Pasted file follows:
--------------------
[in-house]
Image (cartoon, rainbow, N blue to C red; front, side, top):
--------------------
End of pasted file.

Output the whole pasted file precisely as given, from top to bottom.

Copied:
[in-house]
Image (cartoon, rainbow, N blue to C red; front, side, top):